Wednesday, January 09, 2008

Who to Choose

For my last post below I've been having a debate with a commenter about how we should prioritise incidents we are called to.

Firstly, my thanks to Michael. I am quite aware that other people have different opinions to things to me and with regard to policing, everyone who pays taxes has, or should have, an opinion on how we go about our work. I do like a bit of good debate- and I don't mean in the Jeremy Clarkson style of "My opinion is worth more than yours, so I'll shout louder until you shut up".

The theme of the debate was deployment of resources to a self harming mental health patient, whom by the nature of his violence required a significant number of police officers, which inevitably meant a number of calls would have gone unanswered. (Note- I don't know if there exactly were any serious or non-serious calls which were unanswered / delayed responding as a result of this job, but the point is if there could have been)

So should we give a lesser priority to those whose needs for the police are self generated as opposed to others who are more genuine victims?

As much as sometimes I might like to think one way or the other yes or no, I don't think we as a police service have the right to prioritise our calls dependent on the social background, mental state or any other factor involved in the personal background of the caller.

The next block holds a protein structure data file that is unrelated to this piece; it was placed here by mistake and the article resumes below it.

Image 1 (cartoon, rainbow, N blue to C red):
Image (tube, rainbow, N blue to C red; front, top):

This is why I also disagree with the concept of police performance targets. Targets by their very nature mean the paymasters want certain incidents to be dealt with in a certain way in order that this target is achieved.

I myself a firm believer in dealing with incidents on an individual basis on its own merits. You shouldn't have a system where people are criticised for dealing with incidents where the outcome was the most appropriate, but as it was not in accordance with a target the officer is seen to have failed by his superiors.

Back to the original point, if we do start giving higher priority to people who are arguably more deserving of police time then it sets a dangerous precedent. Take this example. Should the boy's family have any less of a service compared to the driver of the car as you could argue it was the boys fault? Of course not.

In summary, police deployment should be prioritised by at its most basic level threat to life, then property, and then all else below that. It shouldn't matter whose life or property is at risk, and if we start changing priorities within that in accordance to who is more likely to satisfy a target, or who is deemed more deserving, then it is a sad day.

On a completely different note- please see the "Police Short Stories" link either here or from the sidebar. The man behind that blog is compiling a book of just that- short police stories- and would love to hear from you.